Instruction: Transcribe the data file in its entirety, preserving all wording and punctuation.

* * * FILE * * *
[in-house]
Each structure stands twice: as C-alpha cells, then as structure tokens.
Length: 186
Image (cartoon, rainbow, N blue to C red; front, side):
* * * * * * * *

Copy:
[in-house]
Each structure stands twice: as C-alpha cells, then as structure tokens.
Length: 186
Image (cartoon, rainbow, N blue to C red; front, side):